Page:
I In the Clouds

II The Man on the Shore

III Alone Again

IV The Suspicious Stranger

V The Doctor's House

VI A Petticoat

VII At the Mansion House

VIII Sunday

IX An Ally

X The Coast Patrol

XI A Near Thing

XII The Key Turned

XIII On the Drifter

XIV My Cousin's Letter



I An Idea

II A Little Dinner

III The Alcoholic Patient

IV The Test

V Waiting

VI The Spectacled Man

VII A Reminiscence

VIII H.M.S. Uruguay

IX Bolton on the Track

X Where the Clue Led

XI An Eye-Opener

XII The Confidant

XIII Jean's Guesses

XIV The Pocket Book

XV Part of the Truth

XVI Tracked Down

XVII The Rest of the Truth

XVIII The Frosty Road

XIX Our Morning Call





"My God," said Rutherford, "the cable has broken!"

In an instant I was craning over the side of the basket. Five hundred feet, 700 feet, 1000 feet, 2000 feet below us, the cruiser that had been our only link with the world of man was diminishing so swiftly that, as far as I remember, she had shrunk to the smallness of a tug and then vanished into the haze before I even answered him.

"Anything to be done?" I asked.

"Nothing," said he.

It had been growing steadily more misty even down near the water, and now as the released balloon shot up into an altitude of five, ten, and presently twelve thousand feet, everything in Heaven and earth disappeared except that white and clammy fog. By a simultaneous impulse he lit a cigarette and I a pipe, and I remember very plainly wondering whether he felt any touch of that self-conscious defiance of fate and deliberate intention to do the coolest thing possible, which I am free to confess I felt myself. Probably not; Rutherford was the real Navy and I but a zig-zag ringed R.N.V.R. amateur. Still, the spirit of the Navy is infectious and I made a fair attempt to keep his stout heart company.

"What ought to happen to a thing like this?" I enquired.

"If this wind holds we might conceivably make a landing somewhere—with extraordinary luck."

"On the other side?"

He nodded and I reflected.

It was towards the end of August, 1914. We were somewhere about the middle of the North Sea when the observation balloon was sent up, and I had persuaded Rutherford to take me up with him in the basket. Five minutes ago I had been telling myself I was the luckiest R.N.V.R. Sub-Lieutenant in the Navy; and then suddenly the appalling thing happened. I may not give away any naval secrets, but everybody knows, I presume, that towed balloons are sometimes used at sea, and it is pretty obvious that certain accidents are liable to happen to them. In this case the most obvious of all accidents happened; the cable snapped, and there we were heading, as far as I could judge, for the stars that twinkle over the German coast. At least, our aneroid showed that we were going upwards faster than any bird could rise, and the west wind was blowing straight for the mouth of the Elbe when we last felt it—for, of course, in a free balloon one ceases to feel wind altogether.

Neither of us spoke for some time, and then a thought struck me suddenly and I asked:—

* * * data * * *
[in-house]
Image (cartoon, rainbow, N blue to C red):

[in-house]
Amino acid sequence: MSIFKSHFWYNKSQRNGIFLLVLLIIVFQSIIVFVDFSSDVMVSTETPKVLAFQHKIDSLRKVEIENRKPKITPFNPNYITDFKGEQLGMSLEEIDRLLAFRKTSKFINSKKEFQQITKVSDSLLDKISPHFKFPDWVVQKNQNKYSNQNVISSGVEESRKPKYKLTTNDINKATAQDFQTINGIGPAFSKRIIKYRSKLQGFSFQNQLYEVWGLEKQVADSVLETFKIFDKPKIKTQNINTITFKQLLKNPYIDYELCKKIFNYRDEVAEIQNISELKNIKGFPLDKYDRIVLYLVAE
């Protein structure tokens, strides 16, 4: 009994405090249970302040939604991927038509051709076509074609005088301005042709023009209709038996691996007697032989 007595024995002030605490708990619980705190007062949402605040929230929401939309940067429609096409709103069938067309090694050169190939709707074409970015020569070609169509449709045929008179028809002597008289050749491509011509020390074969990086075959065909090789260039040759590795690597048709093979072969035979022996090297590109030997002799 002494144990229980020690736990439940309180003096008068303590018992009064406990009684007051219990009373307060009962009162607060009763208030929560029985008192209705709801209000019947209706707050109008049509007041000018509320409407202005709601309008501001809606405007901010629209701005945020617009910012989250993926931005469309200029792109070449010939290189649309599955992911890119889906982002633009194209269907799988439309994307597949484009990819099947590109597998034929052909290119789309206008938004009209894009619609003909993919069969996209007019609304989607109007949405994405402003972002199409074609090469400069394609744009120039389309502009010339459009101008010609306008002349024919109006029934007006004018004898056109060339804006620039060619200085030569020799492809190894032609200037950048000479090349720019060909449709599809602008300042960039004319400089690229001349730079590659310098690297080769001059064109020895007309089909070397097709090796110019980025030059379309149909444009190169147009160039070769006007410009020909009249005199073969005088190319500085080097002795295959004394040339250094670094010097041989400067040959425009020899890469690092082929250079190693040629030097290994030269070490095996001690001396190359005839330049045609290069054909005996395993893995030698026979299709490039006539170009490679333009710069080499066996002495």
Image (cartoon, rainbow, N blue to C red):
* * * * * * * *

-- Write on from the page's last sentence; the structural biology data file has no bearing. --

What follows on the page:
"Did you notice what o'clock it was when we broke loose?"

Rutherford nodded.

"I'm taking the time," said he, "and assuming the twenty knot breeze holds, we might risk a drop about six o'clock."

"A drop" meant jumping into space and trusting one's parachute to do its business properly. I felt a sudden tightening inside me as I thought of that dive into the void, but I asked calmly enough:

"And assuming the breeze doesn't hold?"

"Oh, it will hold all right; it will rise if anything," said he.

We had only been shipmates for a week (that being the extent of my nautical experience), but I had learned enough about Rutherford in that time to know that he was one of the most positive and self-confident men breathing. One had to make allowance for this; still, that is the kind of company one wants in an involuntary balloon expedition across the North Sea through a dense fog.

"And where are we likely to come down?" I enquired.

"We might make the German coast as far south as Borkum or one of the other islands, or we might land somewhere as far north as Holstein."

"Not Holland or Denmark?"

He shook his head positively, "No such luck."

Though this was a trifle depressing, it was comforting to feel that one was with a man who knew his way about the air so thoroughly. I looked at our map, judged the wind, and decided that he was probably right. The chances of fetching a neutral country seemed very slender. Curiously enough the chances of never reaching any country at all had passed out of my calculations for the moment. Rutherford was so perfectly assured.

"And what's the programme when we do land?" I asked.

"Well, we've got to get out of the place as quickly as possible. That's pretty evident."


"You know the lingo, don't you?"

"Pretty well."

"Well enough not to be spotted as a foreigner?"

"I almost think so."

"First thing I ever heard to the credit of the diplomatic service!" he laughed. "Well, you'll have to pitch a yarn of some kind if we fall in with any of the natives. Of course we'll try and avoid 'em if we can, and work across country either for Denmark or Holland by compass."

"Have you got a compass?" I asked.

"Damn!" he exclaimed, and for a few moments a frown settled on his bull dog face. Then it cleared again and he said, "After all we'll have to move about by night and the stars will do just as well."

He was never much of a talker and after this he fell absolutely silent and I was left to my thoughts. Though I had fortunately put on plenty of extra clothes for the ascent, I began to feel chilly up at that altitude enshrouded in that cold white mist, and I don't mind admitting that my thoughts gradually became a little more serious than (to be quite honest) they usually are. I hardly think Rutherford, with all his virtues, had much imagination. I have a good deal—a little too much at times—and several other possible endings to our voyage besides a safe landing and triumphant escape began to present themselves. Two especially I had to steel my thoughts against continually—a descent with a parachute that declined to open, whether on to German or any other soil, or else a splash and then a brief struggle in the cold North Sea. I am no great swimmer and it would be soon over.